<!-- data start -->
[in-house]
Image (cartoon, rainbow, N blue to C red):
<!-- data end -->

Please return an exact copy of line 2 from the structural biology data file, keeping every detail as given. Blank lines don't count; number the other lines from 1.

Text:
Image (cartoon, rainbow, N blue to C red):